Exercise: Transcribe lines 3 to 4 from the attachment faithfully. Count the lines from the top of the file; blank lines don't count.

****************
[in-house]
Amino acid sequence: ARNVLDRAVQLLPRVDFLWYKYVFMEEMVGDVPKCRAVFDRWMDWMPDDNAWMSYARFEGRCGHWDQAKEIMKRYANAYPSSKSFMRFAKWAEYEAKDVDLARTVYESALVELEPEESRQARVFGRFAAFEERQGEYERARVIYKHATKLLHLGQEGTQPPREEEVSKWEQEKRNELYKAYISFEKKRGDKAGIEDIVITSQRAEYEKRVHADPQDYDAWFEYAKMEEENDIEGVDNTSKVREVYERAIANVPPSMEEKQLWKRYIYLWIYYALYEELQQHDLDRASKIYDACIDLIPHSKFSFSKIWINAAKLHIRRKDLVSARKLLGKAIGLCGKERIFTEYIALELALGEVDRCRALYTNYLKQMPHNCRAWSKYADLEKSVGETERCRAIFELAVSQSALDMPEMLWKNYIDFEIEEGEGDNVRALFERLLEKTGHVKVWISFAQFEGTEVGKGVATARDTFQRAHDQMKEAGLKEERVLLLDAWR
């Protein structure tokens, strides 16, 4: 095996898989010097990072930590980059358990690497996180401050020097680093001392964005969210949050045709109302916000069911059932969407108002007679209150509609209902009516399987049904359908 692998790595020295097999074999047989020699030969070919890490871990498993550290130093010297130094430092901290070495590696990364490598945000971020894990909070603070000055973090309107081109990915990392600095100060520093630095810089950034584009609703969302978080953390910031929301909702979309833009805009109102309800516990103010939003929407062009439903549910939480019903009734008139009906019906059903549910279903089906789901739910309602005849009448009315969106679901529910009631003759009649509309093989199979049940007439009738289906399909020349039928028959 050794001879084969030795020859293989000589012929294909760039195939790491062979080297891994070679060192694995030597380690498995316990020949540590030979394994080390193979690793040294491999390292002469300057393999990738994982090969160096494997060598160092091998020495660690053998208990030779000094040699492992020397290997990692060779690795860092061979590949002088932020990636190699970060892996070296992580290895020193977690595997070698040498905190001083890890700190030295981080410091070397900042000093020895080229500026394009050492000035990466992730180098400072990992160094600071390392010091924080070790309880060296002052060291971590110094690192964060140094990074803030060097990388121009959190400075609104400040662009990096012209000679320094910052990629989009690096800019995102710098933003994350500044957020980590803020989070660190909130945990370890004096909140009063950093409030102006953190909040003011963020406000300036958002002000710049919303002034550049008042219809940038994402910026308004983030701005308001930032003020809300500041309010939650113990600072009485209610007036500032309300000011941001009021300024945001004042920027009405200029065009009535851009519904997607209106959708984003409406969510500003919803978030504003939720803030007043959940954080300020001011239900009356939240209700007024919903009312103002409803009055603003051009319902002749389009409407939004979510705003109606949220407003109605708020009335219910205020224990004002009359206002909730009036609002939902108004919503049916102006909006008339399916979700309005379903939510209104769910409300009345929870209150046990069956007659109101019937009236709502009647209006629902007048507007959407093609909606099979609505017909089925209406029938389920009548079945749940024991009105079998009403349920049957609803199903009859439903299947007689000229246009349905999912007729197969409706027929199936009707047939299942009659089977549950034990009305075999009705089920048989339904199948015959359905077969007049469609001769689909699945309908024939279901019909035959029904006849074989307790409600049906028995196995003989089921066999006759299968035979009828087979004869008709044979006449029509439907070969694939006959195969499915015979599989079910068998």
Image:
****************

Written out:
């Protein structure tokens, strides 16, 4: 095996898989010097990072930590980059358990690497996180401050020097680093001392964005969210949050045709109302916000069911059932969407108002007679209150509609209902009516399987049904359908 692998790595020295097999074999047989020699030969070919890490871990498993550290130093010297130094430092901290070495590696990364490598945000971020894990909070603070000055973090309107081109990915990392600095100060520093630095810089950034584009609703969302978080953390910031929301909702979309833009805009109102309800516990103010939003929407062009439903549910939480019903009734008139009906019906059903549910279903089906789901739910309602005849009448009315969106679901529910009631003759009649509309093989199979049940007439009738289906399909020349039928028959 050794001879084969030795020859293989000589012929294909760039195939790491062979080297891994070679060192694995030597380690498995316990020949540590030979394994080390193979690793040294491999390292002469300057393999990738994982090969160096494997060598160092091998020495660690053998208990030779000094040699492992020397290997990692060779690795860092061979590949002088932020990636190699970060892996070296992580290895020193977690595997070698040498905190001083890890700190030295981080410091070397900042000093020895080229500026394009050492000035990466992730180098400072990992160094600071390392010091924080070790309880060296002052060291971590110094690192964060140094990074803030060097990388121009959190400075609104400040662009990096012209000679320094910052990629989009690096800019995102710098933003994350500044957020980590803020989070660190909130945990370890004096909140009063950093409030102006953190909040003011963020406000300036958002002000710049919303002034550049008042219809940038994402910026308004983030701005308001930032003020809300500041309010939650113990600072009485209610007036500032309300000011941001009021300024945001004042920027009405200029065009009535851009519904997607209106959708984003409406969510500003919803978030504003939720803030007043959940954080300020001011239900009356939240209700007024919903009312103002409803009055603003051009319902002749389009409407939004979510705003109606949220407003109605708020009335219910205020224990004002009359206002909730009036609002939902108004919503049916102006909006008339399916979700309005379903939510209104769910409300009345929870209150046990069956007659109101019937009236709502009647209006629902007048507007959407093609909606099979609505017909089925209406029938389920009548079945749940024991009105079998009403349920049957609803199903009859439903299947007689000229246009349905999912007729197969409706027929199936009707047939299942009659089977549950034990009305075999009705089920048989339904199948015959359905077969007049469609001769689909699945309908024939279901019909035959029904006849074989307790409600049906028995196995003989089921066999006759299968035979009828087979004869008709044979006449029509439907070969694939006959195969499915015979599989079910068998």
Image: